“It is hard to describe the taste of those oranges; their sweetness had no equal as we ate them. Mother would gather up all the orange peels and dry them for flavoring sauces for summer puddings. She also used them to flavor tea.”
Christmas preparations of local bounty began much earlier in the year, with special preserves and liquors made from summer fruit, the fall gathering of hickory nuts and the special feeding of the Christmas fowl. Mincemeat and fruitcake was made at least a month or so in advance, and the kids helped prepare the popcorn garlands for the tree and gathered greenery from the woods.
Today, the sensory overload of so much retail overrides the simpler, more interior joy taken from the rituals of a handmade home. With less shopping and more doing, young Edna fondly remembers the rituals and rewards of making her home special:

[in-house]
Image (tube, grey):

“I loved the way the greens looked set off by the white hearth and walls and the stiff white curtains which they draped. In the evenings, the soft orange glow from the fire and from the candlelight and the fragrance of the cedar and juniper mingling with the smell of chestnuts roasting always made me wish that Christmas week would last until spring…”
The holiday season is an excellent time to treat yourself to a good read–one that captivates with story, entices you with delicious ideas and makes you look forward to filling your year with all sorts of exploratory kitchen projects to honor the beauty of each and every season.
Simple, reverent and thrifty, A Taste of Country Living is a book that snaps us out of our commercialized haze and reminds us of the treasure hiding in plain sight all this time: home.
Get it, gift it or borrow it from the library, but most of all read it. Then read it again. And again. You will be inspired. First to see the absurdities of modernity, then to live its opposite: authenticity, simplicity and contentment.
What is your favorite handmade holiday tradition? Please leave it in the comments.